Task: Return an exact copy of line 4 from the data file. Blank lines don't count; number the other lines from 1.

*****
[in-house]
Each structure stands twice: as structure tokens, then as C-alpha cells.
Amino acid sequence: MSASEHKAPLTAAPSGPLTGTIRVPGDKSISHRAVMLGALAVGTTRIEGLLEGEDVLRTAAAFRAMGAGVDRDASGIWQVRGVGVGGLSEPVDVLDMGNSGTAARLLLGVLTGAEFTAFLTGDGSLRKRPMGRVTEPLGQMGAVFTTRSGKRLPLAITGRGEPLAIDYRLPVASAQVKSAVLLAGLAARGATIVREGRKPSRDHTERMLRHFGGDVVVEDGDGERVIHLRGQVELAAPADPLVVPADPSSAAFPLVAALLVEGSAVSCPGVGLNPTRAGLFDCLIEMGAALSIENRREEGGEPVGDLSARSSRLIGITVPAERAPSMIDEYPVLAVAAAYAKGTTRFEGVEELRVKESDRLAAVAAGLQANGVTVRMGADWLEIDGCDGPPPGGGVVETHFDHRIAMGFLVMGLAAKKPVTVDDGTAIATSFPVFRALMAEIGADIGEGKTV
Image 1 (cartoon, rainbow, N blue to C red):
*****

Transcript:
Image 1 (cartoon, rainbow, N blue to C red):